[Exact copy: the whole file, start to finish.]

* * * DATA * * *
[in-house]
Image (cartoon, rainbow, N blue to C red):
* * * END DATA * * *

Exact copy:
[in-house]
Image (cartoon, rainbow, N blue to C red):